Wandering through the thick copse of birches in my yard not long ago, idly looking for birds’ nests and mouse bones, I discovered a totem pole I had never noticed before. It shocked me. It was 15 feet high, black, and topped with a peculiar grinning face. It stood next to a birch tree. The birch shone white against a knot of glowering oaks behind it. The pole was dark, erect, sudden: the birch tree’s negative twin.
My neighbor planted the totem pole, I learned later. He is a famous artist and a good one. In his home are angels, demons, bears, roses, nudes, moons, birds, lovers. He is a whimsical and pragmatic man. “There are too many things to paint,” he tells me. “I stay up late painting and get up early to paint.” He paints in his home, having learned over the years that there he is most comfortable, most himself.
“At home I am me,” he says, smiling. “Away from home I am a famous artist.”
Another story, also about home: My brother Peter is a cabinetmaker, a wonderful one. He carves poems with his hands. Years ago he rebuilt a small, ancient cottage, turning it into a spacious and comfortable home. He did the work himself and cut no corners. Even the lintels are beautifully carved and carefully shaped to their particular niches.
In his home he and his wife and son welcome visitors of every stripe, shape and color—except one. There is a woman in Wyoming who may not enter his home. Once she was married to a dear friend of Peter’s. The man came home one night to find her in bed with another man. The couple divorced. The man now lives quietly with his ancient dog, who walks backward in the morning before he gets his bearings straight. His former wife lives in Wyoming with the other man.
The woman wants to visit Peter’s home. Live and learn, she says; forgive and forget. My brother’s wife agrees with this. She sees no point in dredging up the past. Life’s too short, she says, reasonably. What happened happened. It’s over now. We should all move on.
I forgive, says Peter, but I do not forget, and in my home there will be no breaking of promises, no cheating, no dishonesty. Therefore she may not enter this home. I wish her well, I hope she’s happy, but I do not want to see her within these walls.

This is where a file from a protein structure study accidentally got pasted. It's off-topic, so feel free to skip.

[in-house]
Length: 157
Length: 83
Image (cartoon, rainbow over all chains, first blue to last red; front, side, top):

My brother is not cruel or chauvinistic or insensitive. Quite the reverse: His sensitivity is enormous, and he feels things deeply. The pain of others cuts him to the soul. But he is also a man of firm belief, and one of those beliefs is the principle of honesty. Your word should mean something, he thinks, even if you regret having given it. I suspect that he regrets some of the promises he’s made, but I can’t remember a single time since we were crewcut boys when he’s lied or broken a promise.
Nor is Peter stupid. He knows the world lies. But he feels that his home is the one place where he can control dishonesty, forbid its intrusion.
A third story, my father’s: His family moved many times when he was a boy: Pennsylvania, Ohio, Indiana, New York. Since high school he has lived in New York; he brought up his family there and has lived in the same New York house with my mother for 35 years.
Yet when I once asked him where he felt at home, he said, “I have no home. I feel at home nowhere.” He didn’t say it melodramatically; it was simply a statement of fact from another honest man. He has no home. He likes the family house; it’s done well to hold the many lives hatched and grown within its walls. But to my father it’s a house. Not a home.